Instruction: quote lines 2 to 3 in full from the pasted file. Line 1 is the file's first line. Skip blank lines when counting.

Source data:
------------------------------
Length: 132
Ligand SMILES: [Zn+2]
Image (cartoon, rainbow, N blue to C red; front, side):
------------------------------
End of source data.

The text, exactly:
Ligand SMILES: [Zn+2]
Image (cartoon, rainbow, N blue to C red; front, side):